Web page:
Pubdate: Thu, 03 May 2001
Source: Portland Press Herald (ME)
Copyright: 2001 Blethen Maine Newspapers Inc.
Author:  Gregory Kesich, Portland Press Herald Writer


A plan to defy federal law and give marijuana to people with cancer, AIDS 
and other diseases received overwhelming support from a legislative panel 

By a vote of 15-1, members of the Criminal Justice and Health and Human 
Services committees endorsed a bill to create a pilot distribution system 
for what is still an illegal drug.

The lawmakers said they were simply responding to the voters, who approved 
decriminalizing the cultivation and possession of limited amounts of 
medical marijuana for qualified people in a 1999 referendum.

"If I was charged with figuring out whether I think this is a good idea, I 
don't think that I would. But that is not our charge," said Rep. Robert 
Nutting, R-Oakland, who voted in favor of the bill. "The people of the 
state of Maine have told us what they want and they told us to make this work."

At a public hearing earlier this month, patients told legislators that 
Maine's medical marijuana law was an empty promise because many of them 
were too sick or otherwise unable to grow marijuana and were left to find 
their own supply on the illegal drug market.

The bill would create a single not-for-profit distribution center as a 
pilot program. The center would be governed by a community board, including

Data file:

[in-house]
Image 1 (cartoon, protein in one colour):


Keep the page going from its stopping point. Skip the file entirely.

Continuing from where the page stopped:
the local county sheriff, and would receive no government funding.

The center would grow marijuana for qualified recipients and offer 
cultivation equipment and growing advice to others.

While the committee considered the bill, the U.S. Supreme Court is 
deliberating a California case that could have an impact on the 
Legislature's work. The court has been asked to determine whether people 
who work in medical marijuana distribution centers have a defense if they 
are prosecuted for drug dealing under federal law. A decision is expected 
this month.

Assistant Attorney General James Cameron urged Maine legislators to wait 
until that case is decided before writing the final draft of their bill.

"You should try to craft this bill so it will work," he advised. "The fear 
is that people will put a lot of work into this and the federal government 
will slap an injunction on it and shut it down."

The bill has more opposition than appeared Wednesday. Representatives of 
the King administration testified against the bill at the public hearing, 
and repeated their opposition Wednesday.

Dr. Dora Mills, director of the state Bureau of Health, said distributing 
medical marijuana could result in an increase in illegal trafficking. She 
also said there is conflicting research about the effectiveness of the 
drug, and the side-effects it produces. She said smoking the drug could 
create more health problems than it solves for very sick patients.

Mills, who along with Gov. Angus King opposed the medical marijuana 
referendum, said the vote put no responsibility on the state to distribute 

"If it was the intent of the referendum to require the state to set up a 
distribution system, they should have said so," Mills said. "If they had, 
the vote may have been different."

Rep. James Tobin, R-Dexter, the bill's lone opponent on the committee 
Wednesday, said he thought the issue should be decided on the federal level 
and fears the state could lose federal law enforcement grants if it defies 
Washington on this matter.

Rep. Thomas Kane, D-Saco, predicted the bill would pass both houses of the 
Legislature and would be signed by King. "The reason we are here is because 
the people of the state of Maine said they wanted us to do this," he said. 
"Many (legislators) had other ideas and reservations, but that referendum 
was overwhelming."
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